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Do Oil Prices Help Forecast U.S. Real GDP? The Role of Nonlinearities and Asymmetries

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  • Kilian, Lutz
  • Vigfusson, Robert J.

Abstract

There is a long tradition of using oil prices to forecast U.S. real GDP. It has been suggested that the predictive relationship between the price of oil and one-quarter ahead U.S. real GDP is nonlinear in that (1) oil price increases matter only to the extent that they exceed the maximum oil price in recent years and that (2) oil price decreases do not matter at all. We examine, first, whether the evidence of in-sample predictability in support of this view extends to out-of-sample forecasts. Second, we discuss how to extend this forecasting approach to higher horizons. Third, we compare the resulting class of nonlinear models to alternative economically plausible nonlinear specifications and examine which aspect of the model is most useful for forecasting. We show that the asymmetry embodied in commonly used nonlinear transformations of the price of oil is not helpful for out-of-sample forecasting; more robust and more accurate real GDP forecasts are obtained from symmetric nonlinear models based on the three-year net oil price change. Finally, we quantify the extent to which the 2008 recession could have been forecast using the latter class of time-varying threshold models.

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Paper provided by C.E.P.R. Discussion Papers in its series CEPR Discussion Papers with number 8980.

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Date of creation: May 2012
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Handle: RePEc:cpr:ceprdp:8980

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Keywords: Asymmetry; Nonlinearity; Oil price; Out-of-sample forecast; Real GDP;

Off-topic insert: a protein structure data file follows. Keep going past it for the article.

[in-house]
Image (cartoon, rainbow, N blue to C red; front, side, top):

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References

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  1. Francesco Ravazzolo & Philip Rothman, 2010. "Oil and US GDP: A real-time out-of-sample examination," Working Paper 2010/18, Norges Bank.
  2. Lutz Kilian & Robert J. Vigfusson, 2011. "Nonlinearities in the oil price-output relationship," International Finance Discussion Papers 1013, Board of Governors of the Federal Reserve System (U.S.).
  3. Lutz Kilian & Robert J. Vigfusson, 2011. "Are the responses of the U.S. economy asymmetric in energy price increases and decreases?," Quantitative Economics, Econometric Society, vol. 2(3), pages 419-453, November.
  4. Koop, Gary & Pesaran, M. Hashem & Potter, Simon M., 1996. "Impulse response analysis in nonlinear multivariate models," Journal of Econometrics, Elsevier, vol. 74(1), pages 119-147, September.
  5. Davis, Lucas W & Kilian, Lutz, 2009. "Estimating the Effect of a Gasoline Tax on Carbon Emissions," CEPR Discussion Papers 7161, C.E.P.R. Discussion Papers.
  6. Massimiliano Marcellino & James Stock & Mark Watson, 2005. "A Comparison of Direct and Iterated Multistep AR Methods for Forecasting Macroeconomic Time Series," Working Papers 285, IGIER (Innocenzo Gasparini Institute for Economic Research), Bocconi University.
  7. Clark, Todd E. & McCracken, Michael W., 2012. "In-sample tests of predictive ability: A new approach," Journal of Econometrics, Elsevier, vol. 170(1), pages 1-14.
  8. Hamilton, James D., 2003. "What is an oil shock?," Journal of Econometrics, Elsevier, vol. 113(2), pages 363-398, April.
  9. Todd E. Clark & Michael W. McCracken, 2009. "Nested forecast model comparisons: a new approach to testing equal accuracy," Research Working Paper RWP 09-11, Federal Reserve Bank of Kansas City.
  10. Herrera, Ana María & Lagalo, Latika Gupta & Wada, Tatsuma, 2011. "Oil Price Shocks And Industrial Production: Is The Relationship Linear?," Macroeconomic Dynamics, Cambridge University Press, vol. 15(S3), pages 472-497, November.
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Cited by:
  1. Chen, Shiu-Sheng, 2013. "Forecasting Crude Oil Price Movements with Oil-Sensitive Stocks," MPRA Paper 49240, University Library of Munich, Germany.

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